Time to refresh your résumé? Here's what to do
If you just bought new, expensive résumé paper, you've already made a job-search mistake. Most job applications and résumés are submitted online now, one of the many new trends in the modern hiring process. Many job seekers are using outdated job-search practices, risking the impression that they are unable to keep up with technology.
Are you worried that your résumé is going stale? Read on to determine if it's time to refresh it.
The first section of your résumé needs to include your name, address, email and phone number, as well as any links to portfolios or websites. Check all links to make sure they work, and include links only to sites that you update regularly. Be sure your email address sounds professional; addresses such as "OMGlove2party" are inappropriate.
Summary of qualifications
This section is the best place to include keywords taken from the job description, since most hiring companies use applicant-tracking systems to narrow down the field of possible candidates. Be sure to incorporate keywords throughout the résumé, but don't just copy and paste the job description.
Place your most relevant and interesting experience at the top. Most hiring managers only skim résumés, and leading with strong qualifications can be a good attention-getter. Also, be sure to remove any overly personal information. Old job applications used to inquire about marital status, family members and sometimes religious affiliation. Not only is this irrelevant to most jobs, it is now illegal to request such information. Keep your résumé clean, professional and focused.
Career achievements and skills
In 2012, a résumé section on "career objectives" is a rarity. Instead of wasting valuable space, include a professional summary in your cover letter and tailor it to the job you're vying for and how it fits into your career plan. Reserve the career achievements and skills section for descriptions of honors or promotions, quantifiable information and performance-review quotes that cite your strengths. When referring to previous jobs, use the past tense. Only current jobs and projects should be written in the present tense.
Size up your résumé and determine if you're including more tasks than results for previous positions. Hiring managers are looking for candidates who can go above and beyond expectations as well as fulfilling daily responsibilities, which means that including any professional associations and awards is a résumé boost.
List relevant jobs only, not every part-time gig you held over the past 20 years. If you're not sure if you should include a job, ask if it's relevant to this position and your current career goals. For the employers you do list, make sure to include details on tasks for which you were responsible, as well as the company's industry. If you have a gap in your history because of family obligations, "homemaker sabbatical" will sufficiently explain a work hiatus so the interviewer can focus on your career accomplishments.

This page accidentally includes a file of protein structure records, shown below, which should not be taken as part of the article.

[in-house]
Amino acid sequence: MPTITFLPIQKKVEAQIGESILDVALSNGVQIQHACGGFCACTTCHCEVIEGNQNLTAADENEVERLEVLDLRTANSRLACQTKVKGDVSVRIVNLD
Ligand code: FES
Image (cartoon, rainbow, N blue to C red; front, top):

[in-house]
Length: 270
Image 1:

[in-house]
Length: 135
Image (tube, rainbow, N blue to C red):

Education and training
Include details about your alma mater here, as well as other training, certifications and accomplishments that are relevant to your job. This section doesn't need to list past courses taken. Unless you're in school and are applying for your first full-time position or internship, you probably don't need to include your grade point average.
Unless the job posting specifically asks for references, don't include any with your résumé. A line stating that "references are available upon request" is also unnecessary. If you get asked in for an interview, you may want to have a list of references prepared, but keep your contacts to yourself before that step.
- Design your résumé with a focus. Every detail should support the idea that you're the best candidate for the job.
- Use specific, concrete language that measures your accomplishments.
- Remove overused words, such as "outstanding," "effective," "strong," "exceptional," "good," "excellent," "driven," "motivated," "seasoned" or "energetic." Beware of unsupported claims of greatness.
- Don't include a photo.
- Résumés should be no more than two pages, but most candidates will be better off with one page. Most hiring managers only glance at résumés, so be conscious of how much space you use, and organize the layout with a balance of white space and text. Avoid large blocks of text.
- Go through drafts of your résumé before you settle on one that works, and have several friends or family members proofread it. It should contain no typos or formatting errors. Aim for a résumé that is clean and simple and that can be easily submitted online.
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